Sunday, 1 September 2013

Broken Toes and Nigerian Flu, But it’s not yet So Long Marianne!

didn't know before last week that 10% of all fractures occur to bones in the foot. Last Sunday I accidentally dropped a boulder (well 2 actually) onto my foot causing extensive bruising, pain, and an inability to walk very far. By last Tuesday the pain and swelling was severe, but according to my colleagues in the School of Health Sciences, who are experts on all things related to the foot, there was nothing broken and nothing needed to be done.  As the week wore on, the swelling and discolouration has indeed reduced and my mobility increased.

That I chose to consult my colleagues in Health Sciences rather than go to Accident and Emergency Department (A+E) was the result of a couple of factors. Like my colleagues and despite the pain and bruising, I didn't think there was anything broken, but the other factor was my perception of the time it takes to be seen these days at your local A+E services. The thought of waiting for hours to be told something I probably already knew, was not motivation enough to attend the emergency department.

My local A+E department is at the Royal Bolton Hospital. This is a NHS Foundation Trust, which it’s fair to say has experienced a number of problems over the past few years, but now appears to be well on the road to recovery. In April 2012 the hospital was seen to be in ‘significant breach’ for failing to meet the 4 hour A+E waiting time. Every foundation Trust in England must meet a target where 95% of patients who go to A+E are assessed and either admitted, discharged or transferred within 4 hours. Last year Bolton only achieved 93%.

This year they were able to celebrate achieving 96.5%, beating the national target by 1.6% - and that was after seeing a 4.8% increase in attendance, some 115,920 patients in the year. This works out to be some 317 patients a day making Bolton the second busiest A+E department in Greater Manchester. The average time each patient spent in the department was 126 minutes, which is remarkable, and colleagues working in the hospital are to be congratulated on this turn around.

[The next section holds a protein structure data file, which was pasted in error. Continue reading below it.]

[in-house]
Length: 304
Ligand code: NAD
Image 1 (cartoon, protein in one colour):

The Trust put in place a number of changes to bring about this achievement. There have been more medical staff available at the weekends, establishing a nurse led team to ‘see and treat’ minor injuries and illnesses, and improving community services in an attempt to reduce unnecessary visits to A+E by those who might be better seen at their local GP practice. All of which would have been music to the ears of Prime Minster David Cameron, who earlier in August visited Salford Royal Hospital, NHS Foundation Trust to announce £500m of additional funding over the next 2 years for A+E departments.

Possibly just as importantly, there is a separate £3.8bn fund that will be spent on treating more people in the community, rather than in hospitals and working towards there being 24 hour, 7 days a week social work care available to people. Such developments in the future delivery of health and social care services will need us to review and adapt our educational programmes so as to ensure we most effectively prepare the practitioners of the future.

As my battered and bruised toes started to recover I was struck down mid-week with Nigerian Flu, which is just as bad as Man Flu. I think I got it on the plane back from Nigeria last weekend (and many thanks for all your comments and emails I received about last weeks posting - I will respond!). Like my toes, there was no point seeking help at my local A+E department. However, my personal physician, Dr Moi prescribed that tried and tested old remedy, 20mls of Lagavulin, to be taken as required. Thankfully, the medication regime is beginning to have the desired affect and I started to feel much better yesterday.

So much so, that I was able to go to see Leonard Cohen at the Manchester Arena (not sure what its called now). He was magnificent. Aged 78 years old, he was able to bring the entire arena audience to their feet with his songs of love, longing, desire, and satisfaction. I was mesmerised and any complaints I might have had of my ailments or illness just faded away in sheer enjoyment of his celebration of life through music. It was a truly wonderful experience